KNOWiNK’s Poll Pad is the most widely used electronic poll pook in 2020. Poll Pads are used in place of paper poll books to check in voters, see whether they have already received or voted a mail ballot, and direct them to their correct polling place if they are in the wrong location. The Poll Pad software runs on commercial off-the-shelf (COTS) Apple iPad tablets. The tablet is connected to its base by an AI Data stand arm, which allows the tablet to be swiveled to face the poll worker or voter. The Poll Pad application supports English, Spanish, and French languages. In jurisdictions that require voter identification to be checked at polling places, the built-in iPad camera can be used to scan a voter’s identification.
The Poll Pad setup includes a COTS Star Micronics thermal receipt printer via bluetooth. Depending on the jurisdiction, the printout may be the voter oath, which is signed by the voter, or may be a simple receipt showing the voter’s name, address, ballot type, and other pertinent information. The Poll Pad comes equipped with two AI Data styluses, one of which is used by poll workers to enter a voter’s name, date of birth, and to make selections. The other stylus can be used by voters to mark their signatures on the Poll Pad, if the jurisdiction allows it.
KNOWiNK offers election management tools that allow jurisdictions to see voter turnout in near real-time, monitor the status of Poll Pads, and remotely lock or disable a Poll Pad if there is a security issue at a polling place. All Poll Pads connect to ePulse, KNOWiNK’s web-based monitoring platform, via WiFi or cellular connectivity, which is built in to the Apple iPads and which is supplemented by Cisco Meraki and Novatel products. ePulse allows election administrators to remotely oversee the operation of Poll Pads, which includes viewing device battery life, average check-in times, and number of ballots issued or spoiled. With this live connection, election officials are able to directly contact poll workers via video or text message. Video chat is built in to the Poll Pad application and customizable and pre-written messages can be sent between ePulse and Poll Pads.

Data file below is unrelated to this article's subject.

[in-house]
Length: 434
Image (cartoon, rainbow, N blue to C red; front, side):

When opening the polling place, poll workers set up the iPad tablets on their stands and turn on the devices. KNOWiNK recommends a minimum of two square feet is per electronic poll book, with two Poll Pads per six-foot table. The Poll Pad software application launches automatically to show the jurisdiction’s home screen, which displays the election name, date, polling location, and precinct, as well as the number of precinct records, which is the number of voters in the precinct, and the check-in count, which should be zero at the start of the day. The screen also displays the countywide records, which is the number of voters in the entire county, if there is more than one polling place in the county. KNOWiNK recommends that poll workers also ensure that the printer is connected and that the battery life of the tablet is above 90% before selecting GET STARTED to begin processing voters.
To process a voter in a jurisdiction that does not check voter identification documents, the poll worker enters the voter’s full first and last name or the first three letters of first and last name. Search results appear as a list of voters, which includes registered voters, inactive voters, and voters who have already voted by mail. The list displays each voter’s full name, date of birth, address, voter ID, and precinct location. Poll workers can also search by a voter’s date of birth or street address.
In jurisdictions that require verification of a voter’s identity document, poll workers can scan the ID’s barcode using the tablet’s built-in camera. To do this, the poll worker places the ID in the ID tray with the barcode facing the camera and selects SCAN BARCODE. The voter’s information then appears on the Poll Pad just as if the poll worker had searched by the voter’s name.
If more than one identical or similar name appears on the voter list, the poll worker can ask the voter for their date of birth or address. When the voter’s identity is confirmed, the poll worker selects the voter’s name from the list to bring up that voter’s information screen. The poll worker can then swivel the Poll Pad to allow the voter view and confirm their name, date of birth, and address. The poll worker then selects ACCEPT.
In jurisdictions that allow signatures on electronic poll books, the voter’s signature screen next appears. The voter can listen to or read the voter oath to affirm that they live at the address presented to them and are eligible to vote in that election. The voter can use the stylus to sign the tablet and can clear their signature and remake it if needed. When done signing, the voter selects DONE SIGNING and the poll worker can swivel the tablet back to confirm the voter’s ballot type and preferred method of voting (e.g. paper ballot or BMD). The poll worker then selects SUBMIT and prints receipts for the voter and election office. If the jurisdiction requires a wet signature, the poll worker’s selection of ACCEPT on the voter’s information screen prompts the printer to print out a signature and ballot receipt, displaying the voter oath, which the voter then signs.
If a voter is not registered, the poll worker can use the precinct finder function to look up the voter by their address. If the voter is in the wrong polling place, the poll worker can direct the voter to the correct location, which includes printing out the address of the correct polling place.